Adobe has announced its own family of creative generative AI models, Adobe Firefly. The San Jose, California-based software company has announced the beta launch of a family of creative generative AI models. At launch, the company has released the first two tools that are part of the family of creative generative AI models. One of the tools is a text-to-image AI generator that works much like DALL-E and Midjourney, while the second tool is a stylised text generator that works much like the AI-powered WordArt launched by Microsoft.
The Photoshop fame software company Adobe announced its own family of AI generative tools called Adobe Firefly through a dedicated website. The company is currently calling its latest AI tool a beta version and is inviting users to be part of the beta program by signing up on the official website. However, Adobe plans to make the tool available as part of its popular suite of creative apps like Photoshop, Illustrator, and Premiere, in the near future.
As part of the company’s AI-powered illustration, artwork, and graphic design tools, users will be able to create custom vectors, brushes, and textures using text or sample sketches. This will allow users to create new tools and edit images and videos using them. Adobe Firefly also includes AI-powered 3D modelling features that will allow users to turn 3D compositions into photorealistic images using just a few steps.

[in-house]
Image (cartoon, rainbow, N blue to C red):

Adobe also claims to be open about the datasets being used to train its AI models. The company claims that all of what is being fed into its generative AI models is either copyrighted, licensed for training, or from the Adobe Stock Library, claims Alexandru Costin, VP of generative AI and Sensei at Adobe, according to a report by TheVerge.
“We’re not afraid of change, and we’re embracing this change. We’re bringing these capabilities right into [our] products so [customers] don’t need to know if it’s generative or not,” added Alexandru Costin, according to the report.
Adobe also plans to introduce a Photoshop feature that would allow users or artists to train the system on their own work in order for the system to help generate content using the artist’s signature style.
The company is also reportedly working on a ‘Do Not Train’ system which will allow artists to embed a request into an image’s metadata that would prevent it from being used to train AI systems in the future, as long the creators oblige to the request.
Adobe Firefly’s first two tools are available for public beta testing starting today and users wishing to test them out do not need to be a Creative Cloud subscriber to request access. However, Adobe will be limiting the number of users who will receive access to the AI tools through the beta program.